Schweers's active partisanship opens doors for city
September 3, 2013
Purists may have a problem with Carroll Mayor Adam Schweers serving as a co-chairman for Gov. Terry Branstad's re-election campaign, introducing the governor at events, and even launching a campaign for a GOP state Senate seat from the Farner Government Building.
Historically, Carroll's mayors and council members have been public servants elected in non-partisan elections, no party labels, no Republican and Democratic interference.
The thinking is local issues transcend party lines.
Lately though, too many people in Carroll are applying their national and state philosophies to local government - looking to make broader points or appeals rather than taking narrow, practical approaches and just doing what's right for this city. We want our city leaders casting "Carroll" votes, not hewing to increasingly inflexible partisan lines, more demanding political party camps.
One of the beauties of city government in Iowa is that it is designed to exist outside the toxicity, the climbing and crawling we see in Des Moines and Washington, D.C.
So it's fair to ask the question: Do we want a mayor who is visibly, actively partisan?
On balance, I say yes.
If Schweers operated as an independent, he'd have less access to the governor's office. Branstad views him not just as a local leader to be given lip-service respect, but as a political ally. That opens doors for Carroll.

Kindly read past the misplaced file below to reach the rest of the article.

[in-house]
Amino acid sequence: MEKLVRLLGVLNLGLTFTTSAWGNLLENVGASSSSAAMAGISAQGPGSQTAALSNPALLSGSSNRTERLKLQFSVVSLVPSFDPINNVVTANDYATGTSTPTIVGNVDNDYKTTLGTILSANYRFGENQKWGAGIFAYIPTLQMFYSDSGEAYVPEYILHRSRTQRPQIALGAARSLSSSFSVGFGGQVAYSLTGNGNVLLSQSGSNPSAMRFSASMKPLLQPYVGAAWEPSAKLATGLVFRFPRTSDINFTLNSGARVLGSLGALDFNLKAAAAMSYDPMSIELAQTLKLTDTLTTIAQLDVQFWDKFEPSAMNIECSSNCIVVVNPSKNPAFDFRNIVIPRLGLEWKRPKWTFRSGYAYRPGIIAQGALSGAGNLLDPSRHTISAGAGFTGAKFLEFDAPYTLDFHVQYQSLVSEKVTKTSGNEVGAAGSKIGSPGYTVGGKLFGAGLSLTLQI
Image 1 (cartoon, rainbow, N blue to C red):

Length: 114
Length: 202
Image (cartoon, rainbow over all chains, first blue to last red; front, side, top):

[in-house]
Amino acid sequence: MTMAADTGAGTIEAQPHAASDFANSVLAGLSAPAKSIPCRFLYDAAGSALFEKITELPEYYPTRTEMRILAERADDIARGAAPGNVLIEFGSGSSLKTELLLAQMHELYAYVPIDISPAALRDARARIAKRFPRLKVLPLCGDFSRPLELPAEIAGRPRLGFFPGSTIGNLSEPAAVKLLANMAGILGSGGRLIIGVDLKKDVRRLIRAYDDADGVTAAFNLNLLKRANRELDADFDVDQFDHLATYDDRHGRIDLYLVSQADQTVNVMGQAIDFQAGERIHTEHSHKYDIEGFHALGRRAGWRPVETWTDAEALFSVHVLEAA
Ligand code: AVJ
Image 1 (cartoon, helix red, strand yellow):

On one recent economic-development project Schweers obtained a personal meeting with the governor. This project may not emerge from the idea stage - but the next one could.
Had Carroll County voters elected Democrat Mary Bruner to the Statehouse, we'd have a direct pipeline to one of the more powerful and effective state legislators in Iowa's history - her cousin, Majority Leader Mike Gronstal of Council Bluffs.
Imagine having Schweers and Bruner with access to centers of power in both parties?
Longer term, the people cheering Schweers' involvement with Branstad should be consistent. We may have a mayor or council member who is one day very publicly associated with a Democratic candidate for governor or the U.S. Senate. The argument for what Schweers is doing today should hold tomorrow if someone with Democratic affiliation takes the gavel.
There, of course, are those purists who will say that Carroll's elected officials should remain outside of Republican and Democratic politics.
It's a defensible argument to say Carroll's elected city officials should pull back on GOP or Democratic activity. That considered, I haven't heard it from anybody on the council - or in the general public for that matter.
Of course, Schweers has the ultimate untouchable comeback to any challenge on anything he's ever said or done at city hall: Nobody has ever run against him for the council or mayor's office, so people are either supporting his open partisanship or they just don't care.
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